Siva – a monumental dance
Siva by Black Grace
November 6-7, 2015
ASB Theatre, Aotea Centre
Siva opens with all the drama and depth of a Caravaggio painting. The lighting, or more the darkness, is dimly lit, minimal. The audience glimpses fragments of limbs and muscles gelled together as a single organism, motionless on the floor. Slowly they separate, beat by beat, dancer by dancer.
Breathing, stretching, reaching – the dancers pulse and push to stand, coming alive like a taniwha – a sea-monster implied by the Samoan words rumbling through the air, “malie, tagifa.” Meanwhile, large, white geometric clouds are pushed up overhead to set the scene. By the second and third section, Siva moves to an explosive display of athleticism and artistry. If creating dance is to “make vocabulary,” as Black Grace choreographer and artistic director Neil Ieremia describes, Siva is a poetry defined.
There are nine dancers, three woman and six men – one adorned with a pe’a, a traditional Samoan male tattoo, covering stomach to knees. Their costumes, by Pacific couture fashion designer Linda Lepou, are flesh-coloured and much like the superb lighting by Melbourne-based Paul Lim, pares things down to the essentials: bodies and beats.
To celebrate 20 years of dance, Siva is as “massive” as Mr Neil Ieremia promised it would be. There are multiple layers and mediums of art expressed using expansive, floor to ceiling animations of waves, giant river stones, towering blocks and acrobatic feats of walking upside down.
Certainly, Black Grace does exactly that – turn traditional dance on its head. While still being connected to the past, it is also an eclectic mix: of pirouettes and fa’ataupati (Samoan slap dance); of old Samoan songs like Minoi (move) and newer ones like Che Fu’s Hold Tight.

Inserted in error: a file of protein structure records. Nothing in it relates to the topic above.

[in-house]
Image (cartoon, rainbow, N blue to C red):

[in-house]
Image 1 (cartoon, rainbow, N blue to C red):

Amongst this animated play of dance and music, is one with the inanimate objects on stage – the props. However ‘props’ would be a loose term, having witnessed the centrality of their role within the choreography. Jumbo white blocks have descended from the air and together with giant river stones on stage they become a parkour playground. Dancers leap over, on, around and tattoo their way across these; they transport, combine and recombine the vast shapes in various synchronised pairs, just in time for the next dancer to dive or land on top. The dramatic scale ratio of colossal, oversized objects to wiry bodies underneath is a little unnerving.
The energetic scenes change quickly, as one minute the blocks construct a wharenui, complete with dancer’s pukana and then with some swift manoeuvring, we see a typical scene of Samoan chiefs, seated around the poles of fale Samoa (Samoan house). In a nod toward early seafaring Polynesian ancestors, the blocks change again into a vaka (canoe). As a voiceover boomed, “The forest is full of ghosts, but no one is afraid,” fearless would be an apt word to describe the monumental work that went into constructing Siva.
But fearless or being brave is more than just an attribute in this production. As Mr Ieremia described to NBR in a recent interview, it is also an attitude embedded in the group’s name. Black Grace is a name borne of a juxtaposition of contrasting two ideas: toughness and beauty. Growing up in Porirua, ‘black’ was a slang word used to describe someone daring, someone who “got into a fight with a bully.” You were black if you were brave, tough and an outlier. Conversely, ‘grace’ was an entreaty made by a “really tough ballet teacher” during dance school; Mr Ieremia was told he needed “more grace.” Together, Black Grace conveys a mission statement, a mantra in two words.
It’s this kind of intellectual and artistic understanding, this mixing of stories and ideas that makes Black Grace so successful and accessible. As one fellow audience member declared, Siva was “way better than I thought it was gonna be.” If the standing ovation at Siva’s end was anything to go by, it’s clear that given the chance, contemporary dance, especially those created by Neil Ieremia, is a rewarding and even necessary experience for lovers of art. Judging by the sensitivity, artistic quality and professionalism of Siva, the next 20 years of Black Grace look bright indeed.